Financial markets: central counterparties: what is a central counterparty
A central counterparty (CCP) is an organisation that acts as an intermediary between the two parties to a securities transaction. Trades on most major stock exchanges go through a CCP. The seller of a security sells to the CCP who simultaneously sells to the buyer. This means that if one party defaults then the CCP will absorb the risk. This eliminates both the risk of direct financial loss through a default and the risk of indirect loss through having to unwind the trade.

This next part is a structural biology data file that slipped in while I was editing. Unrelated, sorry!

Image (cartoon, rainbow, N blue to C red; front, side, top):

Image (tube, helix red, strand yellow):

The benefits to an exchange of using a CCP include:
- Reduced risk - reduces counterparty risk for its members defaulting on a transaction, leaving them to trade freely with each other.
- Increased market liquidity - enhances market liquidity as a contract can be closed out with any of its counterparties.
- Decreased settlement costs - reduces its members’ settlement costs by netting payments and receipts across contracts and exchanges.